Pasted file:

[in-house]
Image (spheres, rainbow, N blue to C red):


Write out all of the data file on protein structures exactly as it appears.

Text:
[in-house]
Image (spheres, rainbow, N blue to C red):